Facilities Weekly

Share your feedback on Planon

Last week, if you are a regular Planon user, a feedback survey has been sent to your email, or a paper version was provided to you. We are asking for your help to please respond to all the questions as your feedback is important, regardless of your level of involvement in the processes.

The survey will close on Friday, April 29, 2022.

The questions that you will be asked will be tailored to your role, and involve work management, inventory and purchasing, PMFS mobile app, and timecards and reporting. Your feedback is anonymous and no personal information will be saved with the responses.

This survey is conducted by the Customer Services & Informatics team in partnership with Operational Excellence. Your feedback will help establish a baseline assessment of your experience using Planon, and help stabilize and improve the system. We anticipate to conduct this survey annually to help measure improvements and keep track of areas that require attention in Planon.

For questions or concerns, please reach out to Kishani Gibbons, Director, Customer Services & Informatics (kishani.gibbons@ubc.ca).

 

University Boulevard bus loop road detours

Due to three projects under construction simultaneously — School of Biomedical Engineering (SBME) Building, Gateway Health Building, and a utility steam tunnel repair, the University Boulevard bus loop will be closed starting April 19 to May 1, 2022. During this closure, no trolley busses or vehicles will be entering the University Boulevard bus loop. Single lane vehicle traffic for deliveries will be maintained.

To view the map and learn more, visit the Facilities website

As part of the Wesbrook Mall Upgrades, the Wesbrook Mall corridor between Student Union Boulevard and Chancellor Boulevard is also being upgraded in phases to repair the condition of the roadway and enhance safety and user experience for all modes of transportation. Construction will begin in April 2022 and will continue until September 30, 2022.

The first stage of construction will begin on April 19, 2022, and will result in a full closure of Wesbrook Mall between Walter Gage Road and Student Union Boulevard until approximately May 29. Nearby streets and sidewalks will also be affected during this time. Learn more about what to expect during construction.

Watermain repair on 16th Avenue in the University Endowment Lands (UEL)

The University Endowment Lands will be completing an emergency repair on an incoming watermain on 16th Avenue. Our team will support this work from April 20 – 22, 2022 by switching over our campus water feed, once the repair commences.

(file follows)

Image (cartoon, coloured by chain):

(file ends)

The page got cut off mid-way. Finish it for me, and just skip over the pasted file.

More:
During this switchover, we do not anticipate any disruption to our water supply. However, you may notice some differences in your water during the changeover:

  • Some users may experience temporary low water pressure in their buildings.
  • Changes in the flow of water within UBC’s water distribution system may cause temporary turbidity (discolouration and/or cloudiness) in the water. Water clarity should return to normal after a short period of typical use. Our water will remain safe to use and drink throughout the changeover.
  • Research equipment such as boosters may not operate as expected due to possible low water pressure.

For questions or concerns, please contact your zone Facilities Manager.

Projects approved by UBC Board of Governors

A number of projects received approval in the March Board Committee meeting:

The agenda package and minutes of the March Board Committee meeting are available on the UBC Board of Governors website.

UBC Facilities Apprenticeship Program is growing

We have recently posted a job opening for CUPE 116 Sheet Metal Apprenticeship — available on Workday:

What does a Sheet Metal Worker do at UBC? 

  • Fabricates eave troughs, down pipes, metal windows, metal frameworks, metal clad doors, counter tops, windows, fume hoods, and other galvanized iron, aluminum and stainless steel fixtures for heating, ventilation, roofing, windows, doors and other related installations including handling of asbestos or other hazardous insulation materials.
  • Conducts inspection tests on various machinery and equipment as it relates to sheet metal repair and maintenance, diagnoses defects and carries out repairs or recommends solution to correct problems to supervisory staff.
  • Assembles parts and joins them by welding gauge steel, soldering, brazing, bolting, riveting, screwing, and other related methods.

How do you become an apprentice?

The Industry Training Authority (ITA) manages the apprenticeship system and certifies skilled trades. Most apprentices take four years to complete, with 80% of the learning taking place at the worksite and 20% with an ITA-recognized training provider.  An apprenticeship is a work-then-school cycle repeated each year for about four years.

Facilities currently has 3 active apprentices and 2 under recruitment.

What is the application process? 

Those interested should submit their application in Workday before the posting closes. Shortlisted candidates will be contacted to complete a BCIT trades pre-entry test on the four components listed below:

  • Reading Comprehension
  • Mathematics
  • Mechanical Reasoning
  • Physics

The trades pre-entry tests are designed to show that you have the necessary academic skills to succeed in your trades or technical studies program. For more information, visit the BCIT website.

After in-person interviews are conducted and evaluated, the successful candidate will be awarded the position and will begin their apprenticeship journey.

For further details, please reach out to one of the Facilities Apprenticeship Committee Members:

Workday Tip: Going on leave